Erdogan, Putin discuss Syria as Turkish-backed rebels push to al-Bab
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Rebel fighters gather during their advance towards the Islamic State-held city of al-Bab, northern Syria October 26, 2016. REUTERS/Khalil Ashawi
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By Humeyra Pamuk and Orhan Coskun
ISTANBUL/ANKARA (Reuters) - Turkish President Tayyip Erdogan discussed an attack on Turkish troops in Syria with his Russian counterpart Vladimir Putin on Friday as Turkish-backed rebels pressed an offensive to take the Syrian city of al-Bab from Islamic State.
The Turkish military has said Thursday's air strike, which killed three of its soldiers, was thought to have been carried out by the Syrian air force. It would be the first time Turkish soldiers have died at the hands of Syrian government forces.
Russia is Syrian President Bashar al-Assad's main military backer, while Turkey backs the rebels fighting to oust him.
Erdogan told Putin that Turkey respected Syria's territorial integrity and that its military incursion, launched in August to repel Islamic State from the border, showed its determination to fight militant groups, sources in the Turkish presidency said.
The Kremlin said the discussion on Syria was constructive and that both sides agreed to continue active dialogue to coordinate efforts against international terrorism.
The Turkish sources said both leaders also agreed to try to resolve the humanitarian crisis in Aleppo, where a government siege of the rebel-held east, aggravated by renewed, frequent air strikes on hospitals in the past week, have left residents desperately short of medicines, food and fuel.
Rebels in east Aleppo have agreed to a U.N. plan for aid delivery and medical evacuations, but the United Nations is awaiting a green light from Russia and the Syrian government, the U.N. said on Thursday.
RISK OF ESCALATION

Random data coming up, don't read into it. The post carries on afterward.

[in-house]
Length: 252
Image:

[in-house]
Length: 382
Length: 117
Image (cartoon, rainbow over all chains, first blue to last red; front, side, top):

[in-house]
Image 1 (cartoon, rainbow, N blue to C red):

The killing of the Turkish soldiers on Thursday - the first anniversary of Turkey's downing of a Russian jet over Syria - raised fears of an escalation in an already complex battlefield.
Ankara and Moscow only restored ties, which had been damaged by the jet incident, in August. They continue to pursue conflicting goals in Syria, although Turkey has of late been less openly critical of Assad than in the past.
The advance by largely Turkmen and Arab rebels backed by Turkey toward al-Bab, the last urban stronghold of Islamic State in the northern Aleppo countryside, potentially pits them against both Kurdish fighters and Syrian government forces.
Another Turkish soldier was killed and five wounded in clashes with Islamic State on Friday, the military said.
The latest casualties bring the number of Turkish soldiers killed in Syria to 17 since Ankara launched an incursion three months ago to try to push Islamic State and Kurdish fighters from Syrian territory along its border.
The Turkish military also said four Syrian rebels had been killed and 25 wounded in clashes in the 24 hours to Friday morning. Turkish fighter jets were continuing to strike Islamic State targets near al-Bab, it said.
Al-Bab is of particular strategic importance to Turkey because Kurdish-dominated militias have also been pursuing a campaign to seize it. Ankara is determined to prevent Kurdish forces from joining up cantons they control along the Turkish border, for fear it will stoke Kurdish separatism at home.
Turkey is backing the Syrian rebels with troops, tanks and artillery, as well as reconnaissance flights along the border. Washington has said the U.S.-led coalition, of which NATO member Turkey is a part, is not providing support for the operation.
(Additional reporting by Tulay Karadeniz in Ankara and Vladimir Soldatkin in Moscow; Writing by Nick Tattersall; editing by Mark Heinrich)
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